Medicina Clínica 10/2007; 129(12):446-50. · 1.25 Impact Factor
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    ABSTRACT: Background and objective The REACH Registry is the largest worldwide registry designed to obtain information on cardiovascular risk factor control and preventive treatment in a population who have, or are at high risk of having, symptoms of atherothrombosis. The objective of this study is to show the results obtained in a sample of the Spanish population included in that registry. Patients and method Registry of consecutive patients who have risk factors only (RFO) for atherothrombosis or who have symptomatic vascular disease (VD): coronary heart disease (CHD)and/or cerebrovascular disease (CVD) and/or peripheral artery disease (PAD). Cardiovascular risk factor control and the use of antithrombotic and lipid lowering therapy were evaluated. Results In Spain 2,515 patients were recruited; 297 had RFO and 2,218 had VD: 61.4% with CHD, 36.6% with CVD and 18.7% with PAD. The rates of noncontrolled blood pressure, glycemia,total cholesterol and triglyceride levels in the RFO group compared to those of the VD group were: 76.5% vs 57.1% (p < 0.005), 61.6% vs 30.9% (p < 0.005), 55.7% vs 41.3% (p < 0.005) and 45.5% vs 35.1% (p < 0.005), respectively. The antiplatelet therapy rate in these two groups was 44.1% vs 86.5% (p < 0.005), the anticoagulant therapy rate was 11.4% vs 12.6% (no significant difference) and statin therapy rate was 65.2% vs 65.6% (no significant difference). Significant differences were found among the CHD, CVD and PAD groups as regards noncontrolled blood pressure rate (49.8%. 57.1% and 67.1%, respectively p < 0.005),total cholesterol control rate (41.3%, 48.2% and 50.2% respectively, p < 0.005) as well as antiplatelet therapy rate (86.5%. 83.2% and 81.6% respectively p < 0.005) and statin therapy rate (78.2%. 51.9% and 57.8% respectively p < 0.005). Conclusions Cardiovascular risk factor control in subjects at high risk of atherothrombosis or who have established VD is poor. It is poorer in primary prevention and in PAD patients. Whilst the use of statins is insufficient, the use of antithrombotic medication is acceptable in secondary prevention but considerably lacking in primary prevention.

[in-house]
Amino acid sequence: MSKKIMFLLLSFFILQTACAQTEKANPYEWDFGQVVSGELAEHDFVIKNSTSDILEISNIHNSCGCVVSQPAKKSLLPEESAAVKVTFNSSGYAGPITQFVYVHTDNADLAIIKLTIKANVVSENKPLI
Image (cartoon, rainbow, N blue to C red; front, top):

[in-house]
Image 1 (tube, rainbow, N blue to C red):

Medicina Clínica 10/2007; 129(12):446-450. · 1.25 Impact Factor
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    ABSTRACT: Patients with Metabolic Syndrome have high cardiovascular morbidity and mortality rate above that expected when using accepted scales for risk stratification. Ankle brachial index (ABI) is an available, straightforward and reproducible method for the detection of peripheral vascular disease and for improving risk stratification in this population. Our study aimed to evaluate the prevalence of low ABI in patients with metabolic syndrome older than 50 years and to study the risk factors associated with its development. 1519 subjects between 50 and 85 years, 935 of them with metabolic syndrome (Adult Treatment Panel III [ATP III] criteria), in primary prevention, without symptoms of intermittent claudication and who gave their consent to have an ABI measurement in internal medicine offices were included in the study. Cardiovascular risk factors were evaluated in all participants. An ABI < 0.9 was considered low. The prevalence of a low ABI in subjects with metabolic syndrome was 27.7 (95% CI: 24.8-30.5). Factors associated with low and a pathological ABI were age, higher serum creatinine levels and presence of proteinuria. After multivariate adjustment, only age (OR: 1.07; 95% CI: 1.04-1.09) and active tobacco use (OR: 1.45; 95% CI: 1.10-1.92) continued to be significant. Prevalence of a low ABI is elevated in subjects with metabolic syndrome without known cardiovascular disease and related with age and active tobacco use.
    Revista Clínica Española 06/2007; 207(5):228-33. · 2.01 Impact Factor
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    ABSTRACT: Peripheral arterial disease detected by measurement of ankle-brachial index enables the identification of asymptomatic patients with target organ damage. We have investigated the prevalence of peripheral arterial disease (ankle-brachial index < 0.9), and its potential clinical-therapeutic impact, in patients without known atherotrombotic disease from internal medicine practices. It was a multicenter, cross-sectional, observational study. Outpatients aged 50 through 80 years, with either diabetes or a SCORE risk estimation of at least 3%, were enrolled. A total of 1,519 subjects (58% men) were evaluated, 917 with diabetes (61%). The mean age (standard deviation) was 66.2 (8.3) years. The prevalence of an ankle-brachial index < 0.9 was 26.19%. In multiple logistic regressions the risk factors associated to an ankle-brachial index < 0.9 were age, sedentary lifestyle, smoking, macroalbuminuria, and heart rate. There was a significant relationship between the ankle-brachial index and the SCORE risk estimation. With respect to the therapeutic aims of the patients with an ankle-brachial index < 0.9, only 21% were taking antiplatelet drugs, 26% showed low density lipoproteins-cholesterol values < 100 mg/dl (53% < 130 mg/dl), and 16% displayed recommended blood pressure levels. Measurement of ankle-brachial is useful to reclassify as high risk a significant proportion of patients without known previous atherotrombotic disease. The ankle-brachial index should be incorporated into routine cardiovascular evaluation, particularly in subjects with diabetes or a score risk assessment > or = 3%.